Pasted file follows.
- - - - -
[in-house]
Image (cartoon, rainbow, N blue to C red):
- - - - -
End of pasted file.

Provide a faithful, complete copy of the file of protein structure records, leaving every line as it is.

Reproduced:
[in-house]
Image (cartoon, rainbow, N blue to C red):